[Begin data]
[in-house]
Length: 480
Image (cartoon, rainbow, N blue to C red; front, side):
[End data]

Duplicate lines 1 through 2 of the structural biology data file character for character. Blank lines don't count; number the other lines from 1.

[in-house]
Length: 480